Before people leave the spill site, be sure they had not come in contact with or stepped in the mercury. When directing people out of the area, be sure to avoid traffic going through the spill site. Those who may have come into contact with mercury should be directed to the nearest safe location and asked to stay there until contamination can be assessed and clean up completed. Once immediately outside of the spill area, contaminated (direct contact with mercury) shoes and clothes should be removed, double-bagged and sealed. Not doing so can result in mercury being tracked around the building or home, making the situation worse.

Turn Off Ventilating or Air Conditioning Systems

If feasible, turn off heating, ventilation or air conditioning systems for the parts of the building affected by the spill and seal the ventilation openings (both vents and returns).

Close Interior Doors to the Room

Close doors leading directly to the spill site and open exterior doors and windows of the room where the spill occurred. When not occupied, seal the door with plastic and tape.

Open Windows and Exhaust Room Air to the Outdoors

Place a fan in an exterior room window blowing air outside.

Assemble Clean Up Supplies

Many clean up supplies are available from hardware stores. Mercury spill kits area also available from suppliers (See the resource links below). The following are some common household articles that could be used to construct an in-home mercury cleanup kit:

  • eye dropper - to pick up the mercury
  • plastic container with lid - to hold the mercury
  • plastic sheeting - to provide a clean surface on which equipment can be stored
  • powdered zinc or sulfur* - to bind with the mercury
  • rubber squeegee - to help recover the mercury and spill powder
  • tape; wide, duct, or masking – to seal doors and vents and to help pick up mercury beads
  • tray or box - to hold mercury storage container
  • plastic bags with zipper seal – to store mercury-contaminated debris and equipment
  • plastic dust pan - to help recover mercury and spill powder
  • rubber gloves - to protect hands from mercury contact
  • syringe without needle - to pick up mercury
  • trash bags - for containing mercury waste
  • playing cards or index cards - for collecting mercury beads

Dress Appropriately

Wear gloves (rubber), clothes and shoes that can be discarded if they become contaminated. Wear safety goggles if available. Place Tyvek booties or use plastic bags as booties over shoes to prevent your shoes from being contaminated and allowing you to simply remove the bags from your shoes upon leaving the room.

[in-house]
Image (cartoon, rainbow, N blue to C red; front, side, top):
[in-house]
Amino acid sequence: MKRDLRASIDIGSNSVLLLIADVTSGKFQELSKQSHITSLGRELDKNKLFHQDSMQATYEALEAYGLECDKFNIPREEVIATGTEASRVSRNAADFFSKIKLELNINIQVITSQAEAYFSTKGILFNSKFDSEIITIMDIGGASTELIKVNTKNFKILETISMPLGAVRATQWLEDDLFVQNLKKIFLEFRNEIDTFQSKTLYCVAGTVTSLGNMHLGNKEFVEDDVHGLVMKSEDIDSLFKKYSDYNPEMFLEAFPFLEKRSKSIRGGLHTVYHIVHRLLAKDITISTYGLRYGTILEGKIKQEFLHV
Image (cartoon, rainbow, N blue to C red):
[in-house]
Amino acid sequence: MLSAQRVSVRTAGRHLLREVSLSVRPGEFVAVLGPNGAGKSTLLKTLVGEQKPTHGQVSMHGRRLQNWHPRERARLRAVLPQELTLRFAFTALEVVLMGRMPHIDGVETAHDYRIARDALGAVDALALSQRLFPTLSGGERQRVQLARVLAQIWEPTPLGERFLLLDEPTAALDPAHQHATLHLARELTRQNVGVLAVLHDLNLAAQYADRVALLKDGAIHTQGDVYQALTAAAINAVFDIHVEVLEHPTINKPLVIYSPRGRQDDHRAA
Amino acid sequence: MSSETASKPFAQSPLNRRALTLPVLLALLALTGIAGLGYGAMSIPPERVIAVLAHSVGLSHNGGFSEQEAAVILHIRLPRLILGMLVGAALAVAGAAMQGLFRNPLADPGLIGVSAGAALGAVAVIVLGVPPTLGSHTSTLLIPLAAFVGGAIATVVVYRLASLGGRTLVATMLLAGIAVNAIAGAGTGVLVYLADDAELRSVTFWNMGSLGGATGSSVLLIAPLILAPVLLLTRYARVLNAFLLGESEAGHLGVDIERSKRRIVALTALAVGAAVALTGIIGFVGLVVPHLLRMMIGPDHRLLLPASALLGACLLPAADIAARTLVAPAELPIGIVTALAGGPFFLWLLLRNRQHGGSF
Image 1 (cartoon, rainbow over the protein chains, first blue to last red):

Pick Up All Visible Mercury Droplets

Inspect the spill area with a bright light to help illuminate any hidden droplets. Clean up any beads of mercury by using a squeegee or index card and plastic dustpan. With the card, gently push the mercury droplets away from any carpet, fabric, or porous surfaces and toward other droplets to combine them into larger droplets. Slide droplets onto a sheet of rigid paper like an index card. Never use a broom on a mercury spill because it will only scatter the mercury droplets making them harder to find and pick up.

Gently Place Mercury Into an Unbreakable Plastic Container

Use a plastic jar or double-bagged ziplock baggie to deposit the mercury into (avoid using glass because it can easily break). If necessary suction off the droplets using an eyedropper or syringe. Adhesive tape strips may also be used to clean up any tiny remaining mercury droplets. Place the plastic container inside a plastic bag to provide additional safety. Tighten each lid securely so that liquid and vapors will be contained.

Consider Removal and Disposal of Contaminated Carpeting or Other Soft Items

Consider removal of carpet and other soft items that received direct mercury contact. It takes very little mercury in air to create unhealthy levels of vapor. Further, vacuuming any surface with mercury will make more vapor. Factors that affect the severity of risk from mercury in carpet or soft-surfaced items include the amount of mercury spilled, how much was recovered, the type of room and whether young children or pregnant women frequent the room. Local health departments and spill response contractors may be able to monitor for the presence of mercury vapor on contaminated items. However, private testing may be costly. The value of the item should be weighed against such cost and the piece of mind offered by the testing and/or removal of the contaminated item. When removing contaminated items, double wrap them in plastic trash bags and contact your local health unit or the North Dakota Department of Health for proper disposal. (Do not expose to heat or incinerate).

Sprinkle Powdered Sulfur or Zinc on the Spill Site